• School values are adhered to by everyone in school. 
  • Achievers assembly. Rewarding good behaviour and hard work. Children understand that positive actions result in positive feedback. The children celebrate the achievements of others which therefore builds a mutual respect. 
  • Understanding democracy. House captain elections, pupil voice, class council, pass survey,
  • Rights Respecting School Award helping children to understand the rights of the child, allowing them to distinguish between right and wrong and understanding the impact of which their behaviour has on not only themselves but those around them. 



Pupils’ social development is shown by their:

  • use of a range of social skills in different contexts, including working and socialising with pupils from different religious, ethnic and socio-economic backgrounds
  • willingness to participate in a variety of social settings, including by volunteering, cooperating well with others and being able to resolve conflicts effectively
  • interest in, and understanding of, the way communities and societies function at a variety of levels.

Examples of outcomes and Impact: 

  • Playground leaders and Buddy system. Children develop social skills by actively resolving friendship issues. Children themselves take an active role in helping to enforce new initiatives to raise self-esteem in other children around them
  • After-school sports clubs. Allows the children to work as a team and represent our school. Participation in tournaments builds resilience and promotes good sportsmanship.
  • Volunteering in the community. E.g. Carol singing in care homes. Allows the children to have an impact on their community.
  • Visits to different religious places of worship. E.g. Mosque, Christian Fellowship, Synagogue. Builds a tolerance of those with different faiths and beliefs.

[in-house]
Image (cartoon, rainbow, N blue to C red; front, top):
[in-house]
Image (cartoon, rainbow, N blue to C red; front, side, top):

• Charity events – involving parents and the community. Children organise and deliver a range of fundraising events, where they must co-operate well with others in order to succeed.
  • Economic well-being – bank, mini-market, raffles, fundraising
  • Debates/Pause for thought which allow the children freedom of speech teaching them to express their thoughts and opinions effectively.
  • Community volunteering where children participate in a range of volunteering from helping in care homes to litter picking within the local area. This allows children to give back to the community and feel a sense of pride in supporting others. It builds their self confident and self belief whilst making a difference.
  • Class assemblies where children participate in explaining the life of a chosen role-model in British history. They work together as a class to educate their fellow pupils, therefore building their own self-esteem and self-confidence.
  • Eco-council/School Council/ Junior Leadership Team allows children to have their voice heard within the school. They participate in a wide range of social events, therefore embedding their own social skills and self-confidence.



Pupils’ cultural development is shown by their: 

  • understanding and appreciation of the wide range of cultural influences that have shaped their own heritage
  • willingness to participate in, and respond to, for example, artistic, musical, sporting, mathematical, technological, scientific and cultural opportunities
  • interest in exploring, understanding of, and respect for cultural diversity and the extent to which they understand, accept, respect and celebrate diversity, as shown by their attitudes towards different religious, ethnic and socio-economic groups in the local, national and global communities.

Examples of outcomes and Impact: 

  • Gambia links/Gambia focus days. Children have direct contact with children from another culture. Sharing experiences and stories. E.g making bookmarks in textiles and selling these to raise money to send to the Gambia. 
  • Farm school community – grandparents are invited in
  • Sports tournaments – children participate in a wide range of sporting events where they are encouraged to strive to be the best, whilst not only celebrating their own victories but the victories and achievements of others as well.
  • Young voices – children have the opportunity to work with a wide range of schools from across the country where diversity is celebrated and children are encouraged to work together towards the same goal.
  • Working with Secondary school – project tapas, project algebra, level 6 maths
  • International award – helps children to acquire an understanding of, and respect for, their own and other cultures and ways of life.
  • Circle time – promotes a mutual respect to the speaker and identifies individual differences within the group and differences of opinions.